Though it may be more convenient, a $4 box of teabags is often no more affordable (and certainly not nearly as high-quality) as purchasing loose leaf from a local tea purveyor, and the East Bay is rife with excellent options. From tearooms that offer table service to online retailers that produce pouches of California-grown flowers, you’re sure to find something to sip on. … Continue reading »

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24/7 ballot drop box now available in downtown Berkeley

ballot box
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A new ballot drop-off box has been installed in downtown for the first time. The initiative was spearheaded by the Alameda County registrar of voters, which has put similar boxes in other cities.

The secure box is for “those who want to save a stamp on their absentee ballot, hand it in themselves, or wait until election day to finish it,” according to the city of Berkeley.

All Alameda County voters can use the box to deliver their votes. No postage is necessary for ballots placed in the drop box.

The ballot box in front of the Martin Luther King Jr. Civic Center Building at 2180 Milvia St., a block away from BART, and is available 24 hours a day. The city said it will be in service for every election, including the June 7 presidential primary.

The Alameda County registrar of voters will retrieve vote-by-mail ballots daily, ending with a final collection at 8 p.m. on election night Nov. 8.

The vote by mail period opened May 9 and closes at 8 p.m. June 7. The registrar has an online map of other drop-off boxes elsewhere in the county.

Previously, the only way to hand in a ballot in Berkeley was during office hours. Berkeley City Clerk Mark Numainville said voting by mail is steadily increasing locally, which would explain why the registrar is rolling out more drop boxes. … Continue reading »

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Williams decides not to testify; defense rests

Rene C. Davidson Courthouse. Photo: Melati Citrawireja
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After suddenly announcing Wednesday that convicted murderer Darnell Williams Jr. would testify on his own behalf, the defense team backtracked Thursday morning with the brief announcement that it would instead rest its case.

The disappointment in the courtroom was palpable, as relatives and supporters of Williams’ two murder victims, along with other attorneys and interested spectators, had come to court to hear what he had to say.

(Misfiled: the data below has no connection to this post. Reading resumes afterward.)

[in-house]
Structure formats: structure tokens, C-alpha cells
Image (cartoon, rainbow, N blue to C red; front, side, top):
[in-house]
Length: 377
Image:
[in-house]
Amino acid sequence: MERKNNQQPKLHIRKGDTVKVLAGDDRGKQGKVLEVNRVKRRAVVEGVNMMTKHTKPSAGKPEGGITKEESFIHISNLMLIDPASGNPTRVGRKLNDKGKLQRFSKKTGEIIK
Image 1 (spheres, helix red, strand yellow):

At least some members of the jury appeared miffed they had made the trip to court for nothing.

“I knew your sucka ass weren’t going to get up there,” the sister of Anthony Medearis III — one of Williams’ two victims — yelled at him as she left the courtroom. Court staff told her she could not return for the remainder of the trial.  … Continue reading »

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Raising voices for 50 years with the Berkeley Community Chorus and Orchestra

Berkeley Community Chorus in rehearsal. Photo: Kelly Sullivan
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The competition for Berkeley’s most Berkeley organization is stiff, but you’ll be hard pressed to find an institution that embodies the city’s best impulses more fully than the Berkeley Community Chorus and Orchestra. Radically egalitarian, creatively ambitious, and committed to offering free performances, the BCCO brings together some 220 singers, many of whom have little or no musical training.

The choir concludes its milestone 50th season next weekend with performances of Benjamin Britten’s “War Requiem” at Hertz Hall at 8 p.m. on June 3, and 4 p.m. on June 4. A massive undertaking that involves a chamber orchestra and a full orchestra, the San Francisco Girls Chorus, an organ, three conductors, and three vocal soloists (baritone Efrain Solis, tenor Brian Thorsett, and soprano Carrie Hennessey), this production of staging the canonical work is the culmination of more than two years of planning. … Continue reading »


Quirky Berkeley: Melissa Mork’s sheetmetal origami

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Melissa Mork is the fourth generation of the Mork family to work in the sheet-metal business started by her great grandfather, Walter Mork, a patriarch of Berkeley’s early 20th-century Finnish community. She grew up around the shop. Her father taught her about sheet metal, theory and skills.  And then she took it away from HVAC and functional fabrication into art. … Continue reading »


The Berkeley Wire: 05.25.16

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Big Screen Berkeley: ‘A Monster with a Thousand Heads’, ‘The Idol’

A Monster
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Chances are that if you’re an adult living within the borders of the United States, you’ve probably scared your children and/or your foreign friends with terrifying tales of the iniquities of the American healthcare ‘system’. Billing errors, denial of service, drugs mysteriously excluded from your insurance company’s formulary, illogical co-pays… there are oh so many things that can and do go wrong in our wonderful laissez faire world of non-universal medical care.

Color me surprised, then, to learn that getting care can be a struggle in other industrialized nations, too. A Monster with a Thousand Heads (Un monstruo de mil cabezas, opening at Rialto Cinemas Elmwood on Friday, May 27) details the extreme measures one Mexican woman takes to circumvent bureaucracy and get urgent treatment for a critically ill family member.

First, a little background: Mexico has provided its citizens with universal healthcare since 2012. Private health insurance, however, remains an option for those who prefer it and can afford it. … Continue reading »